I like cats. I like collecting things. I like exploring new types of gameplay. So when the English language version of Neko Atsume popped up on my radar (thanks, Athena!), I knew it was something I had to check out.
I generally steer away from mobile games, since I don't currently have to endure a lot of subway travel (thankfully), and what little phone-only downtime I have is dedicated to books and Reddit. I figured I'd download the free game, get a few laughs and squees, and immediately uninstall.
Three days later, I'm still playing. Why? It's hard to say, exactly. Sure, the cats are adorable (graphics and sound effects are on point), but you don't exactly do a lot with them. You only interact with your kitties through proxy - buying toys, refilling food bowls, taking pictures - no petting or prodding allowed. The 'collecting' mechanic is loose at best - you don't actually get to keep, control, or use any of your new-found pets; they're free to come and go as they please. The connections between the various toys and food you can buy and the cats you'll end up attracting are vague and tenuous, so that you basically end up buying and placing things at random, hoping new faces will grace you with their presence.
The game does successfully capture the unique personality of cats without trying to shoehorn them into anthropomorphic actions or motivations. True 'cat-ness' is not sacrificed for the benefit of gameplay. They're cats. They're not impressed by your fancy sliced fish, and will turn up their noses in favor of nibbling on fresh cardboard. They'll leave random items on your doorstep entirely at their own discretion, not caring one way or another how you'll receive their generous mouse carcass donations. They'll ignore the expensive scratch-tower you busted your butt putting together, instead cavorting lovingly with the box it came in.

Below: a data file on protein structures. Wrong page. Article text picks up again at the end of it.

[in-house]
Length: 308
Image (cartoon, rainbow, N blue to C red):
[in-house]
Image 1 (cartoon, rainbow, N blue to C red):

As an added benefit, the app straddles the fascinating line between 'game' and 'interactive experience' that I frequently find myself discussing with fellow designers and players (often as I try to unpack why lovers of digital gem-organizing or bird-flinging don't identify as 'gamers'). There is no obvious method of points acquisition, leaving players open to choosing their own success metric - perhaps 'winning' to you means largest amount of golden fish currency acquired, or cutest photo collection. New cats show up on their own schedule, so a good portion of the game is played when the app is closed. There isn't much to do in-game once you've collected gifts and taken pictures (unless you buy out the store and obsess over the perfect placement of cat pancakes and leaf piles). Which leaves much of the game an exercise in patience, waiting for the cats to appear at their leisure.
Neko Atsume entertains me. It also gives me hope. I found it delightful, and happily paid money to enhance my experience (and to thank the developers for adding something new and interesting to my life). I'm excited to see how I can put the broadening of the definition of 'game' to use in my own creative endeavors. Like Extra Credits put it in their YouTube video - we shouldn't let our attempts to seek out firm definitions limit us from discovering and enjoying new forms of entertainment.
Oh, and I'd be remiss if I didn't share the video of the eleven hour live-action stream of kitties in a room with toys. Enjoy!
Have thoughts about cat-collecting games? Or ideas related to the game vs. activity debate? Share below!